During an emotional press conference on Monday, Frank Pomeroy, the pastor of First Baptist Church in Sutherland Springs, Texas, and his wife Sherri addressed the media together for the first time since the mass shooting at their church on Sunday. Suspect Devin P. Kelley of New Braunfels, Texas allegedly open fired on the congregation around 11:30 a.m., killing 26 people, including the Pomeroys 14-year-old daughter Annabelle, and wounding dozens more.
Sutherland Springs is a small community about 40 miles southeast of San Antonio. In the immediate aftermath of the rampage, both Frank and Sherri made it clear that those killed were not just fellow churchgoers but “close friends.” It was message they reiterated on Monday. When asked by a reporter what he plans to tell other grieving families, Frank said that, now more than ever, it is important to turn that which we cannot understand over to God.
"You lean into what you don't understand," says Pastor Frank Pomeroy, who lost his daughter in church shooting. "You lean into the Lord." pic.twitter.com/oSTXdiUA8u
— ABC News (@ABC) November 6, 2017
“Christ is the one who is going to be lifted up, and that’s what I am telling everybody. You lean into what you don’t understand. You lean into the Lord,” he said tearfully. “And I would submit this to everyone—my families here, you guys there—whatever life brings at you, lean on the Lord rather than your own understanding. I don’t understand, but I know my God does.”
He then turned the microphone over to his wife, who gracefully shared that while her family has been humbled by the outpouring of love and prayers for their daughter, they hope the public does not lose sight of the 25 others who were killed.
Pastor's wife speaks on daughter killed in church shooting: "Belle was surrounded yesterday by her church family that she loved fiercely." pic.twitter.com/VTkoMDJEXF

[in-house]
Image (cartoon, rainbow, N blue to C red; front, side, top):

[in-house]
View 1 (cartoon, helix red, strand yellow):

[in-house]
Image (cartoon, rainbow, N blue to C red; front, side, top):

— ABC News (@ABC) November 6, 2017
“News media have been bombarding us with requests to share and comment and appear to celebrate Annabelle’s life, however as much tragedy as that entails for our family, we don’t want to overshadow the other lives lost yesterday,” Sherri said. “We lost more than Belle yesterday.”
Both Sherri and her husband were traveling on Sunday and not at First Baptist at the time of the shooting. She explained that she finds great comfort in knowing her beloved daughter died in the company of those she loved most.
“One thing that gives me a sliver of encouragement is the fact that Belle was surrounded yesterday by her church family that she loved fiercely, and vice-versa,” she said. “Our church was not comprised of members or parishioners, we were a very close family. We ate together, we laughed together, we cried together and worshipped together.”
Sherri heartbreakingly admitted that a large portion of their church community is now deceased, and she asked for prayers while acknowledging that the rebuilding process will not be an easy one.
“Now most of our church family is gone, our building probably beyond repair and the few of us that are left behind lost tragically yesterday,” she concluded. “As senseless as this tragedy was, our sweet Belle would not have been able to deal with losing so much family yesterday. Please don’t forget Sutherland Springs.”
During the same press conference, a pastor from another church eloquently explained that while the entire country may be grieving in the wake of this unthinkable tragedy, we must never lose our faith and trust in God.
Pastor: "We're resilient, we're strong and we're going to continue to worship God, no matter what happens, no matter what attacks come." pic.twitter.com/GCGEdORJXw
— Fox News (@FoxNews) November 6, 2017
“The church is grieving, the body of Christ across this world is grieving, but we are resilient, we’re strong, and we’re going to continue to worship God, no matter what happens,” he said. “That’s a part of our faith… This is what happens sometimes, but our faith is… trusting in God.”
He then offered a touching prayer for the Pomeroys and the entire First Baptist Church family:
“Father, God, we just give this to you. We ask for your cover and your protection. We ask for your healing power, God. We ask for your strength. We ask for your help. You said weeping may endure for a night, but joy comes in the morning. So we pray this prayer of our pastors, of our leaders across this nation and world. We are one church, and it’s in Jesus’ name we pray. Amen.”